I thought I was done with romance. But only because I am so thankful to the soft-spoken gentleman that Yashji was, I know I will watch Jab Tak Hai Jaan, his last film as director, as said in an interview with Shah Rukh Khan on the occasion of his 80th birthday. Look at life’s cruel ironies here — how his declaration played out and what he had named his film.

If not for Yashji’s teachings of love and romance, a vast majority of Indians, myself included, would have been a big bunch of cynics — just wasting life, having nothing new to look forward to and having nothing happy to hope for. His brand of love will make the quintessential Bollywood fan’s world always go round. He is an institution. And like all institutions, his philosophy will carry on inspiring generations.

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2 Responses to “Yash Chopra: School of rebellion and romance”

  1. Shibangi Says:

    Dear Sanjay,

    Thanks for taking the time out to respond to this blog.

    1. The point of my blog is that Yash Chopra’s films were way ahead of its times and not how many “HIT” films he delivered. Hence I talk about how his biggest flop, Lamhe did not score at the box office but is now a classic.

    2. After Yash Raj (the production house, not the man) produced DDLJ (which by the way, set a box office standard as the biggest ever hit in Bollywood the year it released - India and overseas collections combined - and is still among India’s biggest blockbusters), Yash Chopra has only directed scripts written by his son Aditya Chopra, which I’ll admit could not explore complicated relationships the way Yash Chopra’s/Salim-Javed’s scripts did. Sadly, Yash Chopra’s work of the last 17 years is actually not his true legacy, it is his son’s. Thus, Jab Tak Hai Jaan also has more of Aditya Chopra’s influence than Yash Chopra’s.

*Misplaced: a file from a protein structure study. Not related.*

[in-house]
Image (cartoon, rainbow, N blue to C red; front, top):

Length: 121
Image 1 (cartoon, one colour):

4. Most film buffs who truly admire cinema could not have ignored India because simply put, It is a huge industry that churns out a very large number of films every year. I’d grant them that they may not have watched Yash Chopra’s films because the genre doesn’t interest them. But it is honestly a little sad if they say they have not even heard of his name.

    5. Yash Chopra was a shrewd filmmaker. After Veer Zaara, he probably knew that his audience had shrunk. It was beginning to delve into films with darker subjects and “real” plots. Which is why he probably took this long to come back to the job to make a last statement. And also maybe that is why he had announced that Jab Tak Hai Jaan would be his last film. He had made the right call. For while better than Veer Zaara, Jab Tak Hai Jaan is no where close to his masterpieces. But no regrets as we will always have his best work, to remember him by.

    Regards,
    Shibangi
    6. I apologise if you find the “personal tone” of this piece jarring, but I took the liberty as this is a blog which allows me express more freely and subjectively than a newspaper report.

  2. Sanjay Says:

    Hi there…
    I request you to do a bit of research before you write. As for imagine your article is good, but when compared with facts it is far from reality. You people in India need to know world is not INDIA. I am India but born in UK and living since. I have lived in India for around 6 years and I know both part of world.

    Now to the point, Yash Chopra was a good film maker in India. And as said by you, he inspired by as you are `hopeless romantic’. It is no hopeless romantic but hopelessly romantic.

    Dharmputra, Mashaal, Silsila were very big flop movies. Yash Chopra no doubt was good film maker, but from 1980s since failure of Silsila till the release of Chandni he gave all super flops movies. that is 1 whole decade… 1980s… Have you Seen Vijay, Faasle which were stupid and crazy movie.

    What was Parampara, one more super flop.

    Jab Tak Hai Jaan, it is running empty house in Vue in Birmingham. The way song is filmed, with SKR with guitar in hand singing songs. I see beggars on Tottenham Court Station and Earls Court, Holborn and Central London with guitar begging. No guy does this way. It is not romance but stupidity.

    We laugh at this movies. But yes I admit, DDLJ and Iftafaaq and Lamhe enough though flop are really good.

    Anyways if you have written this article for Indian in India then good. But for for world then keep in mind India is part of the world and not the world. If you come to UK and ask any White British or Europeans who is yash chopra none will know.

    regards,
    sanjay